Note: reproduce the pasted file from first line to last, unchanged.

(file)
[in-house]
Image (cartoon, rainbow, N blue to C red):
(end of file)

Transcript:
[in-house]
Image (cartoon, rainbow, N blue to C red):